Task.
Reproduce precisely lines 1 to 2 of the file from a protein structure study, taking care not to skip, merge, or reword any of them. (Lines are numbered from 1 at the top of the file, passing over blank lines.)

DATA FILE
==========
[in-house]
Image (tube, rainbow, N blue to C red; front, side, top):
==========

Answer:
[in-house]
Image (tube, rainbow, N blue to C red; front, side, top):